Are we missing something?
Another possible explanation for the low numbers is people who have caught Covid haven’t been tested.
“There is a good chance that we are missing some cases,” O'Neale says.
“Some people might have [not gotten tested to avoid impacting their holiday].”
The Ministry of Health tracks the number of cases that have been linked to previous cases. The percentage of unlinked cases gives an indication of how many untracked cases may be in the community.
At the start of November 2021, only 16 percent of cases were unlinked.
A month later when the traffic light system was introduced on December 3, that had risen to 26 percent.
In the time since, with the country opening up and people going on holiday, the gap has actually slightly decreased to 25 percent.
Another possibility is some vaccinated people have caught Covid-19 and experienced such mild or no symptoms that they didn’t realise they had the virus, O'Neale says.
“Many vaccinated people have symptoms so mild it is possible to go through a whole infection period and never realise they had Covid. But also, very possibly, didn’t infect anyone either,” O'Neale says.
“If they didn’t have symptoms and didn’t infect anyone, did they really even have Covid? You'd pick them up if you did a PCR test but otherwise it doesn’t matter too much.”
Can the low numbers last?
As much of a relief as it has been to see low numbers, Plank and O'Neale say we can’t assume it will last.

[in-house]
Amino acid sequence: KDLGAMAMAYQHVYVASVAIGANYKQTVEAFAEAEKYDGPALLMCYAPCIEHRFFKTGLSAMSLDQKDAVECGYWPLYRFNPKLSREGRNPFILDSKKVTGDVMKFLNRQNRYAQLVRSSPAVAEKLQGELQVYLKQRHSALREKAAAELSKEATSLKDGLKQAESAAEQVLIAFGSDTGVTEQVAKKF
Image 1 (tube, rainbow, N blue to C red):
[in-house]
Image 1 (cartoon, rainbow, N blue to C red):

With people now coming back to work and soon school, they say it is likely we will see numbers begin to climb.
Workplaces can try and mitigate this by instituting mask guidelines on-site and ensuring well-ventilated indoor spaces.
Plank says to prevent spread through schools, “we need to get vaccination numbers up in school kids as fast as possible”.
However the biggest impact on our case numbers will be when the Omicron variant of Covid-19 arrives, Plank says.
While early research from Case Western Reserve University in the United States found that the Omicron variant is likely to be around half as harmful as Delta — the UK Health Security Agency found this variant to be over three times more transmittable.
This high rate of transmission could put a significant strain on healthcare systems just by the share number of people that can get infected in quite a short period of time, Plank says.
“You only have to look at Australia. They only reported their first Omicron case at the start of December, and look at their numbers now, with over 100,000 cases a day in the space of a few weeks.”
Plank and O’Neale encouraged New Zealanders to keep up the good work, but to prepare for another year of fighting the virus.
“We’ve done really well, and are in a strong position, but we can’t assume it is going to last,” Plank says.
“The virus isn't going to disappear and with Omicron on the horizon, there is another storm brewing.”
Banner image: New Years Day 2022 at Days Bay, Wellington, New Zealand, overlaid with the graph of new Covid case numbers November 2021 to January 9 2022. Photo: Chris James/iStock